Through the pursuit of these practical opportunities, investors can help change existing frameworks in ways that result in greater income equity such as through improved worker wages, benefits and training; more effective unions and wider union representation; less disparity between the very wealthy and others in society; and more impactful public policies aimed at promoting these goals. Such initiatives can improve social cohesion and trust in those societal institutions that ensure the stability of financial and economic systems, which is essential for long-term investments.
Among the specific suggestions that the report explores are the following:
Employee and labour relations
Support data-gathering efforts, such as those by the Human Capital Management Coalition and the Workforce Disclosure Initiative, that emphasise basic facts on wages, benefits, training, retention and union relations.
Clarify expectations and engagement goals with corporations on their adherence to, and enforcement of, fair treatment of their direct and indirect workforce; support responsible contractor policies; publicly articulate positions on the risks of income inequality to economic growth, destabilisation of society and creation of reputational risks.
Contribute to a system that encourages a balance between appropriate cost controls and responsibility towards a firm’s direct and indirect workforce that can promote productivity, quality and company reputation, and also strengthen the stability of society.
Support public policies that mandate disclosure of material labour relations data; set reasonable standards for minimum or living wages; and acknowledge union and human rights, among other things.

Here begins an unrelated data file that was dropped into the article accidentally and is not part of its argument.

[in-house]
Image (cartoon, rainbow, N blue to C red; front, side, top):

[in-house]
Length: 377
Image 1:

Advocate the creation of a central source for comprehensive, standardised data on corporate taxation policies and practices in formats usable by investors.
Clarify expectation that corporations are responsible about paying taxes; engage to encourage corporate disclosure of policies and practices; endorse fair tax principles; promote integration of taxation issues into sustainability policies; publicly articulate how paying taxes contributes to the creation of social capital.
Contribute to a system in which the payment of taxes helps span the currently widening divide between the corporate/ financial communities and the government.
Advocate for increased disclosure; support regulations that limit tax avoidance and prevent tax evasion; promote responsible taxation principles as a model for regulation; publicly articulate considerations for managing aggressive tax planning as a risk.
Support the analysis of existing CEO compensation data, including CEO-to-employee ratios.
Assess the implications of the linkage between CEO remuneration and the company’s stock price; develop alternative models that incorporate incentives tied to other stakeholders; support research on the implications of these alternative models.
Contribute to a system that appropriately rewards shareholders, while at the same time aligning with the interests of broader stakeholders and restoring the relationship between CEOs, employees and others, in ways that create long-term benefits to the corporation.
Foster regulations that facilitate meaningful investor input into the design of CEO compensation packages; encourage mandated integrated reporting of corporations’ commitments to their full range of stakeholders as a means of ensuring CEO attention to these issues.